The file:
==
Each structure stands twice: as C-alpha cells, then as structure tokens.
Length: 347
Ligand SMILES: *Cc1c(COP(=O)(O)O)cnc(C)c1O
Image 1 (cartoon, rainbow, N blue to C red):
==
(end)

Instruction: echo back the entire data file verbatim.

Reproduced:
Each structure stands twice: as C-alpha cells, then as structure tokens.
Length: 347
Ligand SMILES: *Cc1c(COP(=O)(O)O)cnc(C)c1O
Image 1 (cartoon, rainbow, N blue to C red):